The BBB offers a simple way to search for complaints and other information about the business you are researching.
Chamber of Commerce. Not where you are at but where the company you are researching is located. While the chamber of commerce is more about promoting local businesses, they also receive complaints about below board companies in their area.
Google Search. If you don't like Google, use your favorite search engine. One of the greatest benefits of the Internet is the amount of information that is out there about everything - even the company you are researching.
And, if a business has done something good - it will be out there. Also, if a business has done something bad - it will really be out there.
People are ten times more likely to file a complaint about a business when they feel slighted or ripped off then write a favorable post when the company either met or exceeded the person's expectations.
Just know that you have to take everything you read with a grain of salt. No matter the business, there will be both positive and negative things said about them. Thus, you have to look at the totality of what is being said. If everything you read about a company is negative - walk away. But, if there are positive ratings as well as negative ratings, read them all and try to determine (from both sides) whether the postings are true reviews or if the poster just has a specific axe to grind or has some personal (monetary) ties to the company.
Having reviewed thousands of businesses over the years, I can guarantee that if you read all the postings or reviews, you will be able to tell what is a legitimate rating and what is not - then use that knowledge (combined with your other research) to make your informed decision.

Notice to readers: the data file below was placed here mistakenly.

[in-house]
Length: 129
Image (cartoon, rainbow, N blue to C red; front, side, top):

Even if you don't find specific information on the company you are researching, you will come across other information related to scams, tricks and schemes - providing you that much more knowledge on what to look out for and who you should avoid.
Federal Trade Commission, State Consumer Affairs Office and State and County District Attorney's Offices. All of whom will have information on companies and individuals that have complaints or even lawsuits filed against them. If you find the name of the business you are researching here - don't walk away, run! Even the U.S. Postal Inspector Office will have relevant information on the individual or company if they have used mail to defraud others.
Bottom line - use all of these resources if you can. Knowledge is power and this power can save you and your company a lot of time, money and headache.
- Read Everything. If they provide you a contract or agreement - read it all! Many brokers will hide unfavorable language in the fine print or on back pages because they know, for the most part, that people do not read these contracts.
Thus, they can stack the deck in their favor and in the end, take your money (either upfront or require that you pay them for their services) even if they don't find or raise a single penny for your company.
Also look for other red flags like poor grammar or syntax errors in their writing - items that say they are not legitimate.
Use Your Gut. You just have to remember, if it sounds too good to be true it usually is. Know that the money you save is your own.
If you read something or have doubts - like the broker does not provide their location information, asks you to send the fee to an overseas address, or pressures you to pay their fee before doing anything else, even sending along a contract - use your gut. If your internal compass is telling you to walk away - then walk away - there are always other resources to help you raise money - much better to wait a little bit longer and find a legitimate source then to get ripped off.
So, if you don't want to be scammed or pay unnecessary fees when raising capital for your business, follow these simple tips, get the business loan or capital you need and move your company onward and upward.